I’ve been writing about the Occupy Wall Street movement a lot here on Planetsave. And Jeremy has been on sister site Red, Green, and Blue. And Rhonda has been on EcoLocalizer. And others have been on our primarily green-focused media network. I think I’ve connected the movement to environmental issues in many of my posts, but for any who are not obviously aware of the connection, I thought I’d write up this piece on the connections (well, some of them) between the Occupy Wall Street (OWS) movement and the environment.
I think the OWS movement is clearly focused on a few key points:
- Wall Street & bankers have screwed the country and their influence over politics needs to go away.
- The 1% (or even 0.01%) own a highly disproportionate percentage of the wealth and power in this country.
- Corporations have way too much influence over politics.
Well, each of these matters relates to the environment,.. in more ways than I’m going to adequately explain in this post.
On point 1: The short-term, greedy, and selfish way of thinking on Wall Street and among bankers permeates into all (or nearly all) realms of our society, including energy and the environment. We continue to plow forward with an out-of-date energy paradigm that can wipe out our whole species (through global warming and climate change). Why? Because of completely short-term, narrow-minded thinking about costs and the economy. Wall Street and bankers are important players in that whole process. They either need to go through a massive paradigm shift or their power needs to be lessened. The Occupy Wall Street movement has given up on the former and is pushing for the latter (I am, too).
On 2: Well, I don’t think I need to even explain the connection to the second point for you to know what’s up. Traditional energy industries are rich as rich. The oil and coal industry makes billions in profits every year and gets billions in tax breaks. Its government subsidies dwarf those of the renewable energy industry, and they are much more stable. Nonetheless, they convince politicians (mostly in the Republican party) and conservative media to rail on renewable energy subsidies like there’s no tomorrow (literally) and act like the renewable energy industry is getting unfair help from government. It’s so ridiculous it would be funny.. if it weren’t so sad. Our policy on energy and the environment is bought, and the results for the U.S. population and the world are catastrophic (already).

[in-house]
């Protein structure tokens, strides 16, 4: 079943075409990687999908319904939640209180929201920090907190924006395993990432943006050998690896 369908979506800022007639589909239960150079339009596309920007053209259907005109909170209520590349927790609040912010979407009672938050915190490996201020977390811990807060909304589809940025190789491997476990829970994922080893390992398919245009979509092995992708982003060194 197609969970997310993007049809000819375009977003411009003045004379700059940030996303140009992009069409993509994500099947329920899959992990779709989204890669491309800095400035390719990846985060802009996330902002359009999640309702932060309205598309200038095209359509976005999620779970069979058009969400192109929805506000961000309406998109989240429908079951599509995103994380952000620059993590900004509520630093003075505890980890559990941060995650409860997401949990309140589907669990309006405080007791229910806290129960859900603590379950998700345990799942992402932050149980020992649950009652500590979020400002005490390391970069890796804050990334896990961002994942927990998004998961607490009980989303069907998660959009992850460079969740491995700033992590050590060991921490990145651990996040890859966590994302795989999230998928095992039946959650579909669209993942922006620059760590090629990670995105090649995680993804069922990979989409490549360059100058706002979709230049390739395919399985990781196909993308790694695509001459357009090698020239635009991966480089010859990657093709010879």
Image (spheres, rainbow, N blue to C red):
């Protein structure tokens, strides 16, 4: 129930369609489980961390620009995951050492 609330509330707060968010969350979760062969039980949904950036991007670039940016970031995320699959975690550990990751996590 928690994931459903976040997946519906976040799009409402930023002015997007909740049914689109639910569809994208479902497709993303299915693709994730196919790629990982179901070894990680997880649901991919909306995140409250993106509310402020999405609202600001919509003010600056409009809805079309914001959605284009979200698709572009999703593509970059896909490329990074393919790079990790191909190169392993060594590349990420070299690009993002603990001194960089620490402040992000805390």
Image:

On 3: Well, this is quite similar to point number two. The U.S. political system hardly responds to the people and listen with all ears to the corporations that fund it. The Republican party especially, but even significant portions of the Democratic party, are oh too heavily supported by the oil and gas industry.
I don’t think Occupy Wall Street is going away. And those concerned about the environment, global warming, and climate change have every reason to join in the movement and push for real change. We all should.
Occupy Wall Street photo via Atomische • Tom Giebel